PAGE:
Under the terms of the agreement by which the former British colony was returned to Chinese control in 1997, the semi-autonomous region was meant to maintain a “high degree of autonomy” through an independent judiciary, a free press and an open market economy, a framework known as “one country, two systems”.
The extradition bill was seen as an attempt to undermine this and to give Beijing the ability to try pro-democracy activists under the judicial system of the mainland.
How have the authorities responded?
Lam has shown no sign of backing down beyond agreeing to suspend the extradition bill, while Beijing has issued increasingly shrill condemnations but has left it to the city's semi-autonomous government to deal with the situation. Meanwhile police have violently clashed directly with protesters, repeatedly firing teargas and rubber bullets.
Beijing has ramped up its accusations that foreign countries are “fanning the fire” of unrest in the city. China’s top diplomat Yang Jiechi has ordered the US to “immediately stop interfering in Hong Kong affairs in any form”.
Under administrative detention, often used for cases involving national security, Cheng can be held for up to 15 days without any charges. Human rights advocates say torture and other forms of ill treatment are common under this type of detention.
According to Li, Cheng had not participated in the protests or expressed his position on the movement in any public forums. “As far as I know, he did not attend any of the protests, even the 1 million march. I am just worried about him,” she said.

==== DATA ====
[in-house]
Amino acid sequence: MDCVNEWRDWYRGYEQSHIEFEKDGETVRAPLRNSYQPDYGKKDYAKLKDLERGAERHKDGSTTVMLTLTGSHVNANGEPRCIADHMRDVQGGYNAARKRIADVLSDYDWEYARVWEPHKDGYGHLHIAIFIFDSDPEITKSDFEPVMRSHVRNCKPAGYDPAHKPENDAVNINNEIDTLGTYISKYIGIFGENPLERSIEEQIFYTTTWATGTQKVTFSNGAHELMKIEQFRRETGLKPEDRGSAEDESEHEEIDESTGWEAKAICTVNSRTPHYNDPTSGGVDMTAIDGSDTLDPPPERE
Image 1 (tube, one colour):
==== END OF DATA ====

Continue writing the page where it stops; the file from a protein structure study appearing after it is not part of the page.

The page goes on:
Li, who met Cheng while he was studying in Taiwan – where she is from – has been calling and writing to British, Chinese, and Hong Kong officials for help.
“He grew up to be a very caring, diligent and hardworking person,” Li said. “Now, he is missing and detained for no reason. This is deeply distressing for his family and friends.”
Li said she and Cheng had discussed marriage, and possibly moving back to Taiwan, but Cheng wanted to remain in Hong Kong. “He said he loves Hong Kong and wanted to sacrifice all he has for his motherland.”
News of Cheng’s detention comes after more than a million Hong Kong residents defied a police ban and poured into the streets on Sunday in a peaceful march, calling for the withdrawal of the extradition bill and other demands.
Hong Kong’schief executive, Carrie Lam, said on Tuesday she would set up “a platform for dialogue” to tackle complaints against the police, the government’s first attempt at conciliation in weeks.
A rally in Cheng’s name has been called for outside the British consulate on Wednesday.
In recent weeks, Beijing has taken an increasingly hard line against the protests, which it has described as an attempt to start a “colour revolution”. Twitter blocked almost 1,000 accounts associated with the Chinese government on Monday while Facebook also removed seven pages, three groups and five accounts that originated in China.
China has repeatedly warned Britain – the former colonial ruler of Hong Kong – against “interference”. China has appeared irked by Britain’s public rebukes of the Hong Kong authorities’ handling of the demonstrations.
Chinese immigration officials have increased checks at the border between mainland China and Hong Kong, detaining people and checking their phones and other devices.
Police in Hong Kong are also adopting a harder line, and have arrested more than 700 people in relation to the protests.
Additional reporting by Verna Yu